My point here is that sound and pressure are the same thing.  It’s an important concept to keep in mind when we talk about explosions, because the practical definition of an explosion is the rapid expansion of gases that creates an audible boom.  A latex balloon goes pop when you stick a pin in it because the expanding flexible surface of the balloon has trapped gas under pressure.  As soon as the pressure vessel fails, the gas instantly reconverts to atmospheric pressure and the suddenness of it all creates a ripple of pressure that we register as an explosion.  If you stick a pin into a Mylar balloon, however, there’ll be no pop because there’s no expansion.

Still with me?  Okay, here we go.

A gunshot makes a loud boom because the combustion gases which propel the bullet down the barrel are under tremendous pressure until they get to the opening at the muzzle, at which point they instantly expand and reduce to atmospheric pressure, disturbing all the still air that was surrounding it.  A suppressor (“silencer”) works by dissipating those pressures through baffles in the barrel of the device to the point that they are nearly reduced to ambient pressure by the time they are released to the atmosphere.  Thus, no bang.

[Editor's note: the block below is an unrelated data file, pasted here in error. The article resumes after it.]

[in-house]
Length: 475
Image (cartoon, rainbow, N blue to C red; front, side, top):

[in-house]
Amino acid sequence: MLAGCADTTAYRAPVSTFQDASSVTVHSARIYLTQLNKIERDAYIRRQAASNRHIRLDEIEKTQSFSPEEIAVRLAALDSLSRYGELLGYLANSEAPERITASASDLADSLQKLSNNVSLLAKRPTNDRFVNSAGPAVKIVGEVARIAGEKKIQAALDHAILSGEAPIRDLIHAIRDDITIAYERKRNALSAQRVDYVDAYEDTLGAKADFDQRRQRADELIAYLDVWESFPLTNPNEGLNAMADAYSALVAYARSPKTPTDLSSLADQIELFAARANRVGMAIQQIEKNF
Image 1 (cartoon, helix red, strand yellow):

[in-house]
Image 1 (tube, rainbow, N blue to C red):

Why the Speed of Sound Matters.  The speed of sound (767 mph) is essentially the speed at which air molecules can move out of each other’s way.  When anything moves faster than 767 mph–whether it’s an airplane, a bullet or super-heated gases–air molecules stack up on the leading edge of the speeding mass because they can’t get out of the way and they create more pressure–sometimes a lot more pressure.  And as we discussed when talking about bullets, since nature abhors imbalance, as soon as the speeding mass passes by, it is followed by and equal yet opposite negative pressure (a “rarefaction” wave).  When this pressure fluctuation is caused by a speeding jet, the resulting explosion is called a sonic boom, and it is often powerful enough to shatter glass.  When it’s caused by munitions or certain other events, we call the resulting explosion a blast wave, and it is often powerful enough to reduce buildings and people to vapor–literally.